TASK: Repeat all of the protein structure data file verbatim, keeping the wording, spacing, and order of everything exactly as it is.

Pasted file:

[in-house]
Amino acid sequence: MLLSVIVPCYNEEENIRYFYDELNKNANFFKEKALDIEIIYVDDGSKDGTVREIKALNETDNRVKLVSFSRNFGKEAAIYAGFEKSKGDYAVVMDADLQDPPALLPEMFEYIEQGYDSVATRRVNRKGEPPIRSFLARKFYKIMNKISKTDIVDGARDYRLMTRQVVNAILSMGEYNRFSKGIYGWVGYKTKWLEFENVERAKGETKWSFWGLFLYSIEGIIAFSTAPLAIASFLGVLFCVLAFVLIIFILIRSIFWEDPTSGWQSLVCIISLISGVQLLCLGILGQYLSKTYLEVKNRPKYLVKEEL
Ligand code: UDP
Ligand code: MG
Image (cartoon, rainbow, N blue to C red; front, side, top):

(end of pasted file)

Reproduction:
[in-house]
Amino acid sequence: MLLSVIVPCYNEEENIRYFYDELNKNANFFKEKALDIEIIYVDDGSKDGTVREIKALNETDNRVKLVSFSRNFGKEAAIYAGFEKSKGDYAVVMDADLQDPPALLPEMFEYIEQGYDSVATRRVNRKGEPPIRSFLARKFYKIMNKISKTDIVDGARDYRLMTRQVVNAILSMGEYNRFSKGIYGWVGYKTKWLEFENVERAKGETKWSFWGLFLYSIEGIIAFSTAPLAIASFLGVLFCVLAFVLIIFILIRSIFWEDPTSGWQSLVCIISLISGVQLLCLGILGQYLSKTYLEVKNRPKYLVKEEL
Ligand code: UDP
Ligand code: MG
Image (cartoon, rainbow, N blue to C red; front, side, top):